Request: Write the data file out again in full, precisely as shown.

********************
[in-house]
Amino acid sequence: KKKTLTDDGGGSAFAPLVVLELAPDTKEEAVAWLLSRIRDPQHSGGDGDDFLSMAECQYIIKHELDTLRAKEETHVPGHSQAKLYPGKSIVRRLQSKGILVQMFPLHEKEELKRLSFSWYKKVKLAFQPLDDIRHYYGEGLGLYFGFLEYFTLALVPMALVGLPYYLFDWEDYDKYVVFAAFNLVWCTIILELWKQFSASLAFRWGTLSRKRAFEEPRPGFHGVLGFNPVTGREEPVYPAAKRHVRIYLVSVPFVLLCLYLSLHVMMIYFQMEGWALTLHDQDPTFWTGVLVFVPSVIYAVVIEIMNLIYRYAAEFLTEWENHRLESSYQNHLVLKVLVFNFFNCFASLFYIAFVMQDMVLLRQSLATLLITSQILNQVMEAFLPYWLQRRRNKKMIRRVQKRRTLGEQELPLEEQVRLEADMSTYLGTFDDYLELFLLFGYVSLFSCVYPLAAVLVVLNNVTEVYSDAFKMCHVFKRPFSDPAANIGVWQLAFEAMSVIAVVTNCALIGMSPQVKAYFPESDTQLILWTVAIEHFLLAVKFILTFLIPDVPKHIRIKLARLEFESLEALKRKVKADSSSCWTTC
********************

[in-house]
Amino acid sequence: KKKTLTDDGGGSAFAPLVVLELAPDTKEEAVAWLLSRIRDPQHSGGDGDDFLSMAECQYIIKHELDTLRAKEETHVPGHSQAKLYPGKSIVRRLQSKGILVQMFPLHEKEELKRLSFSWYKKVKLAFQPLDDIRHYYGEGLGLYFGFLEYFTLALVPMALVGLPYYLFDWEDYDKYVVFAAFNLVWCTIILELWKQFSASLAFRWGTLSRKRAFEEPRPGFHGVLGFNPVTGREEPVYPAAKRHVRIYLVSVPFVLLCLYLSLHVMMIYFQMEGWALTLHDQDPTFWTGVLVFVPSVIYAVVIEIMNLIYRYAAEFLTEWENHRLESSYQNHLVLKVLVFNFFNCFASLFYIAFVMQDMVLLRQSLATLLITSQILNQVMEAFLPYWLQRRRNKKMIRRVQKRRTLGEQELPLEEQVRLEADMSTYLGTFDDYLELFLLFGYVSLFSCVYPLAAVLVVLNNVTEVYSDAFKMCHVFKRPFSDPAANIGVWQLAFEAMSVIAVVTNCALIGMSPQVKAYFPESDTQLILWTVAIEHFLLAVKFILTFLIPDVPKHIRIKLARLEFESLEALKRKVKADSSSCWTTC